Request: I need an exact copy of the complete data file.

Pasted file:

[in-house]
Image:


[in-house]
Image: